The same is true of children – and of countries. Each must know the one being critical is only doing it out of love and only wants what is best – only wants to lift them up to greater heights, to make them a better person or a better country. Criticism from hatred is only meant to tear down, to destroy, not to build up – and the one who is being criticized knows this, no matter the objections of the one who criticizes from hatred. Everyone, from the time they were a small child, knows the difference. That is why criticism must always be done only from a position of love.

Why We Need More Grace

Albert Loan has written a fantastic Facebook post on Grace, which he gave me permission to post here. I want to share it because it very much goes along with the purpose of this blog.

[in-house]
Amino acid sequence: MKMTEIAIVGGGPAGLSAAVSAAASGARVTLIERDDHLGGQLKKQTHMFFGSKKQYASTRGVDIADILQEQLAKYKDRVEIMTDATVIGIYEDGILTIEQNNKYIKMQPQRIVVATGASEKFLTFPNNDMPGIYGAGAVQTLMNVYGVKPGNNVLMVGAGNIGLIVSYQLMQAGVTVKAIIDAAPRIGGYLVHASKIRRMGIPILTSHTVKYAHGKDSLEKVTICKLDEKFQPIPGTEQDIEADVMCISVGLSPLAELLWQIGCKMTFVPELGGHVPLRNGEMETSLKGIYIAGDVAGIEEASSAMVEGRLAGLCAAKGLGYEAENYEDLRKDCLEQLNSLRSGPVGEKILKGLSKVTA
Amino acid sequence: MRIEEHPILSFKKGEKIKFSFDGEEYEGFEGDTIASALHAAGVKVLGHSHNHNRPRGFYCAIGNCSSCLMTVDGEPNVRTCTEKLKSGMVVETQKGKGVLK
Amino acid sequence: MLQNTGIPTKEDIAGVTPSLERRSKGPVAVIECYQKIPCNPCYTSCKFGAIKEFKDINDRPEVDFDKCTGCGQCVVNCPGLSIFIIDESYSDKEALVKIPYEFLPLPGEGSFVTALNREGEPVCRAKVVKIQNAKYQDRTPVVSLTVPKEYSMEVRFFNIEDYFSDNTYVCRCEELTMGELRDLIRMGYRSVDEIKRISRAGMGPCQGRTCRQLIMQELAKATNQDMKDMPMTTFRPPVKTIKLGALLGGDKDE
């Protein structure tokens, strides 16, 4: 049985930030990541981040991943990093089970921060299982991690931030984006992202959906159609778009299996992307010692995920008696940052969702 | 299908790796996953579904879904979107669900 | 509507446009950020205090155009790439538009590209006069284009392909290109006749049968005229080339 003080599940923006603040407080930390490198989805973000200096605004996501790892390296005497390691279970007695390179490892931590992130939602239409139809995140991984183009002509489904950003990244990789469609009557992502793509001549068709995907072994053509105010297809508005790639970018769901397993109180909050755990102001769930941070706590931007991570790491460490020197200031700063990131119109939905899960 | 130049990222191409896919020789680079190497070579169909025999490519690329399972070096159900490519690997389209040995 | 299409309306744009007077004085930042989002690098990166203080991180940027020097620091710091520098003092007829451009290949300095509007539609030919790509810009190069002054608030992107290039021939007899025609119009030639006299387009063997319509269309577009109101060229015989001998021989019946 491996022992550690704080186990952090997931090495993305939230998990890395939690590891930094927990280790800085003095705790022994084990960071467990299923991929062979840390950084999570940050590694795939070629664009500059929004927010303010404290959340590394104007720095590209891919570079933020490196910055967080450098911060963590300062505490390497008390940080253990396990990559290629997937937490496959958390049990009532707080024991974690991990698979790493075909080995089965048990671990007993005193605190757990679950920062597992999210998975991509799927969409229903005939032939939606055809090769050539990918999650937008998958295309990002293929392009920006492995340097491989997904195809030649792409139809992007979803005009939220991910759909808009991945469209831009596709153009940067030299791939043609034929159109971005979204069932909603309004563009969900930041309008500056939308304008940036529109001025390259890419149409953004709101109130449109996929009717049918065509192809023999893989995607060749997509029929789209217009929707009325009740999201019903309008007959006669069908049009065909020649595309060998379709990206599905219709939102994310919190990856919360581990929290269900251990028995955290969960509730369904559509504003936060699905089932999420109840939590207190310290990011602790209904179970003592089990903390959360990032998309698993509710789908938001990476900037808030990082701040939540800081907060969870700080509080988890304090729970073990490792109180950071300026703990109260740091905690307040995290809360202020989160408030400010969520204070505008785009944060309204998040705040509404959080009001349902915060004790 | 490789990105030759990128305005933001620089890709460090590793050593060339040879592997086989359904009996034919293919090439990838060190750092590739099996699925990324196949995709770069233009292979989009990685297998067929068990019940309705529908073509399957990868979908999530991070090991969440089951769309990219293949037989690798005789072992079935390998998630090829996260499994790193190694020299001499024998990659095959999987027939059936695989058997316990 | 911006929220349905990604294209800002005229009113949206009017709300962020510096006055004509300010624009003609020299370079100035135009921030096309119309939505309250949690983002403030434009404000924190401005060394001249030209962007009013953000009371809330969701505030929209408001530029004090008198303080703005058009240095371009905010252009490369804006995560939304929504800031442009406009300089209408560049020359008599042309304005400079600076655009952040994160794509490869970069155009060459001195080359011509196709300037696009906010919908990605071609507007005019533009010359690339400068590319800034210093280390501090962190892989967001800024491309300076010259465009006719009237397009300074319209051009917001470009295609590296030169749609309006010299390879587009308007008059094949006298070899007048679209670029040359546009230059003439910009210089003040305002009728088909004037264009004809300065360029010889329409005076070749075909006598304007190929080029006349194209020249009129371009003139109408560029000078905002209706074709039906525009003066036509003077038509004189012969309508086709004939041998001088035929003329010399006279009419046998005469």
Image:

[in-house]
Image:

As time goes on, I increasingly believe that one’s capacity for grace is a high measure of intelligence. It is surprising, however, how little this quality is talked about in educational literature or even in the literature on dialogue, outside of a religious context. For me gracious communication requires the ability to ignore minor irritations, to not be sidetracked by syntactical errors in the search for the semantic meaning, and a conscious effort to maintain the assumption of good will on the part of the other person. Computers cannot do that. They are binary, “yes” or “no” machines, unforgiving, unable to overlook small errors, no tolerance for imprecision, and unable to seek out the truth amidst the error and connect to it. In other words, they are not intelligent. How often are conversations brought to an abrupt stop because someone picks up on a rather irrelevant mistake in logic, insignificant error in fact, or a misuse of grammar. A gracious communicator knows when such a breach is inconsequential to the dialogue’s direction and intent. A brief search for “charitable communication” also turns up nothing. Howard Gardner’s “empathetic” or “existential intelligence” addresses this to some extent, and Marshall Rosenberg shows us technically how to be non-violent in our speech, but grace is something more and something lacking from so much of our personal and public discourse. Some people talk of speaking “gracefully,” but this can almost be the opposite of what I am talking about. Being “graceful” is usually associated with “tact,” which has the implication that there is something wrong about which one should not speak directly. It can imply that the other person lacks the emotional maturity to hear what we would like to say. It implies a lack of transparency, a need to hide one’s true assessment, or the skillful use of ruse. That is not to say that graceful communication or tact is not necessary at times, but an attitude of gracious communication is different; it comes from an attitude of genuine hospitality, a generosity of spirit that instinctively invites someone in, out of the rain, despite their wet clothes.